What are some strategies or low-stakes assignments you might use to teach your students what genre is, and how and why we move between genres in order to reach our audiences and achieve our desired outcomes? Try to think of strategies that you might be able to use online.
I actually found this great in-class genre exercise from the FSU Composition site Robert suggested in January. I tried this exercise in both my 1101 and 1121 classes this semester. It was a fun way to engage the class and get them thinking about genre. I tweaked the 1121 class lesson plan by adding in a discussion and analysis of multimodal genres. In both classes I started the class by asking them to define genre and how they came up with that definition. I gave them five minutes to write the response and told them we can share the responses after class. After they finished writing I asked the class to name genres of films. Once we had six genres on the board, I broke the class up into six groups (the average size of the group was 4). I asked the group to answer these four questions about their film genre. (I lifted these questions from the FSU lesson plan)
- Genre: What are the conventions of your group’s movie genre?
- Audience: Who watches this type of movie?
- Audience Expectation: What does an audience expect to experience/feel/learn/see from this genre?
- Evidence: Provide 3 examples of movies that fit this type and explain why they fit.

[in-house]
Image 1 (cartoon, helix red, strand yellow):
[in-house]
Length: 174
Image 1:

I moved the conversation to writing and we talked about genres of writing, asking the class if a poster, text, letter, instruction manual, etc. was a genre? And why? We filled the board with a long list of genres.
I asked the class to answer the original question about genre that I had written on the board again, and if there were any difference between the first response and the second, and if so, what they were. The class shared a few responses and we had a short class discussion. We also discussed subgenre and about rhetoric and genre.
After we completed this exercise, I handed out copies of Dirk’s reading, which was the assigned reading for the next class. The students referred to the exercise in both their writing responses and the following class discussion on the Dirk reading. I have been thinking of how I could do this online. I might try to break this into a series of discussion posts, with three people working together in groups to answer the questions about their assigned genre.
Why I think this exercise worked–I think starting a discussion with a subject the class is familiar with (like film) helped the students understand the broader concept of genre and the role of the audience.